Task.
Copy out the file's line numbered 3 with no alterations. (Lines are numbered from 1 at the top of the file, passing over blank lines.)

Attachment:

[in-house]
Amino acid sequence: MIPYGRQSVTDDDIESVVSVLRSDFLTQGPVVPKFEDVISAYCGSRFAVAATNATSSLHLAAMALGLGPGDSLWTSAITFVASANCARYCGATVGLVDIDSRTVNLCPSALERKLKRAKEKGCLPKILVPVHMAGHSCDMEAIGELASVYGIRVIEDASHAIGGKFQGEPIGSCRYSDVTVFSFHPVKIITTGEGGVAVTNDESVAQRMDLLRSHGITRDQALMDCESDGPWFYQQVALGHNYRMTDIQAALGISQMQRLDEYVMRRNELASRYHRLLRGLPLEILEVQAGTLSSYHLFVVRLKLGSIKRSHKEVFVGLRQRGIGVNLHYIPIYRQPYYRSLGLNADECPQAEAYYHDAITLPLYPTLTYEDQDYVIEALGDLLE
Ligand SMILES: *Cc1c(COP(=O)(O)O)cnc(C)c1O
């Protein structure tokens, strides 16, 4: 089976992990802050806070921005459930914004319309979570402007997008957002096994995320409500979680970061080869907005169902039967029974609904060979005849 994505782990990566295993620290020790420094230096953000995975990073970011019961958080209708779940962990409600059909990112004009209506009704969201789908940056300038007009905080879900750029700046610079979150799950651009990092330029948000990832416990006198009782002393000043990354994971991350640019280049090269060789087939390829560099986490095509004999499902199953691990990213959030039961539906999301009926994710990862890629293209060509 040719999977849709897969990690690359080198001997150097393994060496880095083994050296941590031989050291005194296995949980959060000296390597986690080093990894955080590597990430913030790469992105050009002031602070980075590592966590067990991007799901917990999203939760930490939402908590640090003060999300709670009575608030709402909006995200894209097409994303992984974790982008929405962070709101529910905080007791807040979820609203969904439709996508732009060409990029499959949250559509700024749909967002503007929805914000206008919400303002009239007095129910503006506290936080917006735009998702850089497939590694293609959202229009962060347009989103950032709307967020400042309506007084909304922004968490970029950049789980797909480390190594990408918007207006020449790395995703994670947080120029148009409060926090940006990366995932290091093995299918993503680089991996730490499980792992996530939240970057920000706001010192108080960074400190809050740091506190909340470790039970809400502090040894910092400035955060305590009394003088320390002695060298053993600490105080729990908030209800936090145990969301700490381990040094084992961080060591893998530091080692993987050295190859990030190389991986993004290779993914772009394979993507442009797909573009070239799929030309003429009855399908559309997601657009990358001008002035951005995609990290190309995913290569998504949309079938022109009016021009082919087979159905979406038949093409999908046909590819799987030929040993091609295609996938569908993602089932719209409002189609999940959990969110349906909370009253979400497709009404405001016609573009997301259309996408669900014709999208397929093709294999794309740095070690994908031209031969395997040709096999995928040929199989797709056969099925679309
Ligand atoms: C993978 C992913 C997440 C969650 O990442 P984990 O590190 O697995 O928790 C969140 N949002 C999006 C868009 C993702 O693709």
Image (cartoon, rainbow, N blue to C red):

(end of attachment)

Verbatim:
Ligand SMILES: *Cc1c(COP(=O)(O)O)cnc(C)c1O